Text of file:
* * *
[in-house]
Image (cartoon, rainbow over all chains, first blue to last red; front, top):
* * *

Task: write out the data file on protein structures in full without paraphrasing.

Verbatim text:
[in-house]
Image (cartoon, rainbow over all chains, first blue to last red; front, top):